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"Nothing grows under a banyan tree." This South Indian proverb speaks of leadership styles. The banyan is a great tree. It spreads its branches, drops air-roots, develops secondary trunks and covers the land. A full grown banyan may cover more than an acre of land. Birds, animals, and humans find shelter under its shade. But nothing grows under its dense foliage, and when it dies, the ground beneath lies barren and scorched.

The banana tree is the opposite. Six months after it sprouts, small shoots appear around it. At twelve months a second circle of shoots appear beside the first ones, now six months old. At eighteen months the main trunk bears bananas which nourish birds, animals, and humans, and then it dies. But the first offspring are now full grown, and in six months they too bear fruit and die. The cycles continue unbroken as new sprouts emerge every six months, grow, give birth to more sprouts, bear fruit, and die.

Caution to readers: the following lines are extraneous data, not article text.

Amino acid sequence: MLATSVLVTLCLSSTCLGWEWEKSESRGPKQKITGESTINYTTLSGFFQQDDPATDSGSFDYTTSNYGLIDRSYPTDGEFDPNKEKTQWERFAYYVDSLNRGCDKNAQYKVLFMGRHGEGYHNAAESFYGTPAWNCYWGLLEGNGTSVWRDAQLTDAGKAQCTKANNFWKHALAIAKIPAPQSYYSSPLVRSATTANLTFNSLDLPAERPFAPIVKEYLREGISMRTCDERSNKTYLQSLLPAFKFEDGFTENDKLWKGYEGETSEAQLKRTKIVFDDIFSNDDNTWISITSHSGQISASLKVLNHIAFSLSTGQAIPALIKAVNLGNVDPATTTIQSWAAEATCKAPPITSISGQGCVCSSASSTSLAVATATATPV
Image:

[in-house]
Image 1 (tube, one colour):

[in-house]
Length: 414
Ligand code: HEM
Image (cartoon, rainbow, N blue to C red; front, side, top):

Some leaders are like the banyan trees. They have great influence and their ministries are widely productive and beneficial. However, they do not prepare for the transitions which will allow for the emergence of other leaders. They only equip followers, not leaders.


-- Layne A. Lebo. From the files of Leadership.

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